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Churches Trusted Less Than Supermarkets

Jim Denison | Denison Forum | Updated: May 07, 2013

Churches Trusted Less Than Supermarkets

Last Thursday was America's annual "National Day of Prayer." Hopefully we're still praying for our country today. Let's pray that we don't turn into Great Britain.

According to a new survey, only 17 percent of adults in the U.K. believe the church has "their best interests at heart." This "trust rating" ranks religious institutions with Google and behind supermarkets. However, young people rank Google much higher than churches, giving the search engine a trust rating of 28 percent. 

Is America headed in the same direction?

Just one in five Americans think "our moral compass is pointing in the right direction." Even fewer think the country's morals have improved in the last four years. The suicide rate among middle-aged Americans jumped 28 percent in the last decade; the increase was especially pronounced among white men and women, climbing 40 percent between 1999 and 2010.

Is it too late to reverse our nation's moral and spiritual decline? Not at all.

Our First Great Awakening is usually dated to 1734. Prior to this remarkable spiritual movement, not one in 20 colonists claimed to be a Christian. Samuel Blair, a pastor of the day, said that religion "lay as it were dying and ready to expire its last breath of life." Critics claimed that Christianity was an outdated, irrelevant European institution. Voltaire's skepticism spoke for many: "To pray to God is to flatter oneself that with words one can alter nature."

But colonial Christians refused to back down from their Great Commission calling. Theodore Frelinghuysen prayed for seven years until all the deacons in his church were true Christians, and continued to plead with God for a great spiritual movement in this new land. David Brainerd prayed from tubercular lungs for the salvation of the American Indians. Jonathan Edwards, the greatest theologian America has ever produced, worked fearlessly for the conversion of his community and society. British evangelist George Whitefield braved the Atlantic Ocean 13 times to preach the gospel across the Colonies.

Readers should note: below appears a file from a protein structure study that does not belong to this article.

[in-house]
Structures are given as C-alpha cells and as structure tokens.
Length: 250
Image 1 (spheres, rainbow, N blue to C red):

The result was the greatest spiritual movement America has ever known. As many as 80 percent of the people made commitments to Christ and joined churches. Many historians believe that this First Great Awakening did more to make possible a "United" States of America than any other single factor.

Is God calling for a new generation of courageous Christians in an immoral day? John F. Kennedy: "Few will have the greatness to bend history itself, but each of us can work to change a small portion of events. It is from numberless acts of courage and belief that human history is shaped."

Jim Denison, Ph.D., is a subject matter expert on cultural and contemporary issues. He founded the Denison Forum on Truth and Culture, a nonsectarian "think tank" designed to engage contemporary issues with biblical truth in 2009 and is the author of seven books, including Radical Islam: What You Need to Know. For more information on the Denison Forum, visit To connect with Dr. Denison in social media, visit or

Publication date: May 6, 2013

Churches Trusted Less Than Supermarkets